This one, I found, had a stronger scent—strong, dry cocoa. The leaves were also smaller than KSH’, but that might just be that the smaller sample bag (I had this one in sample-form and 1oz of the other) for this one crushed the leaves a bit.
It strongly reminds me of Simple Leaf’s Dawn, a tea from Arunachal Pradesh, India (/Tibet, pending claim). But I tend to compare a lot of teas to that one (mostly because I miss it so much). This definitely has some qualities.
The taste is dry but not astringent (I guess powdery); its own sort of malt without any real similarities to Assam or Yunnan teas.
I’ve gotten worse at describing teas.
It’s much different from KSH, and I definitely favour this one. At any rate, my sample’s finished.

Flavors: Cocoa

Preparation
205 °F / 96 °C 0 min, 15 sec

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100
drank Golden Curls by O5 Tea
346 tasting notes

The cat woke me at the crack of 8
Begging for water, attention or some other ill-fate.
Since sleeping in was no longer the ideal,
I figured I’d start the day with a liquid meal.

TeaCuplets: http://lazyliteratus.tumblr.com/post/80892039954/teacuplets-o5-tea-yunnan-golden-curls

Flavors: Honey

Preparation
205 °F / 96 °C 1 min, 0 sec 1 tsp 6 OZ / 177 ML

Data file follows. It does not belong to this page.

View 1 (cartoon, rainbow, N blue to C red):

gmathis

And a gold star for the whimsy! (If Tazo slept that late, we would do the dance of joy. His body clock starts ticking between 4:30 and 5:00.)

Geoffrey Norman

@Gmathis – Thanks! I’m playing around with a review style to notch off teas at a far quicker rate.

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86

Described as having notes of pumpkin and cocoa. It looks like the name—golden curls, and steeps up fairly light for a black tea, a golden brown. It’s a rather mellow tea. I don’t find it reminiscent of cocoa. I don’t find this earthy. But a spicy pumpkin-like note is there I think. My aunt liked this tea even more than the Yunan Tian Hong we enjoyed yesterday.

Preparation
205 °F / 96 °C 3 min, 30 sec 3 tsp 16 OZ / 473 ML

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74
drank Balhyocha KSH by O5 Tea
379 tasting notes

I took the rest of this sample and made it alongside Balhyocha MLH to do a sidebyside taste test (I knew having two gaiwans would come in handy).
*
Quite different from MLH. This one had a weaker smell, no real notes of cocoa—it had a pepper flavour that strongly resembled a Yunnan tea. I don’t have any basic Yunnans in my cupboard right now, but if I get any before I run out of this, I’ll do a comparison.